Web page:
Open Access  |  Review
J Cancer Metastasis Treat 2018;4:30. 10.20517/2394-4722.2018.13 © The Author(s) 2018.

Pancreatic cancer: treatment approaches and trends

Views: 9840 |  Downloads: 1354 |  Cited:  22

Laboratory of Microscopy and Microanalyses, Group of Applied Chemotherapy and Fluorescent Probes, Department of Cellular Biology, Institute of Biological Science, University of Brasilia, Brasilia, DF 70910-900, Brazil.

Correspondence Address: Dr. José Raimundo Corrêa, Laboratory of Microscopy and Microanalyses, Group of Applied Chemotherapy and Fluorescent Probes, Department of Cellular Biology, Institute of Biological Science, Campus universitário Darcy Ribeiro, University of Brasilia, Brasilia, DF 70910-900, Brazil. E-mail:

© The Author(s) 2018. Open Access This article is licensed under a Creative Commons Attribution 4.0 International License (, which permits unrestricted use, sharing, adaptation, distribution and reproduction in any medium or format, for any purpose, even commercially, as long as you give appropriate credit to the original author(s) and the source, provide a link to the Creative Commons license, and indicate if changes were made.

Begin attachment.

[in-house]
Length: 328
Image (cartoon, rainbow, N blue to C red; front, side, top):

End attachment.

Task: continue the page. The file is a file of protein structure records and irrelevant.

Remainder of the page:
Pancreatic cancer is one of the most challenging diseases due to its often late diagnose which results in limited therapeutic options and poor prognosis. To date, the only curative treatment is complete tumor removal surgery but only a few patients are eligible to do it. The median survival period after surgery followed by chemotherapy adjuvant treatment is about 2 years. Since its approval by the FDA, Gemcitabine has become the first-line chemotherapy agent for treatment of advanced pancreatic cancer. The FOLFIRINOX regimen is also used as a treatment scheme for pancreatic cancer; however, this regimen has resulted in small improvements in overall patient’s survival. It is appropriated to clarify that the FOLFIRINOX regimen can only be administered in patients with good performance status. Due to the absence of outstanding result after patient’s treatment with diverse chemotherapeutic agents combinations or unsuccessful administration of single-agent drugs to treat pancreatic cancer, the immunotherapy has become a new hope. A more comprehensive understanding of cancer microenvironment and the chemical communication between cancer cells and immune cells can result in new therapeutic approaches that will improve the elimination of pancreatic cancer cells, enhancing life quality for these patients and increasing the overall survival.